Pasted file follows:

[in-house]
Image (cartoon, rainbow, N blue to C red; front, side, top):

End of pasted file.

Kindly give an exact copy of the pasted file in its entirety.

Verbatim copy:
[in-house]
Image (cartoon, rainbow, N blue to C red; front, side, top):